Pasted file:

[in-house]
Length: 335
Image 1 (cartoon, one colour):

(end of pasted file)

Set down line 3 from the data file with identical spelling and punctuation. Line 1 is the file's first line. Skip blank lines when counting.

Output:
Image 1 (cartoon, one colour):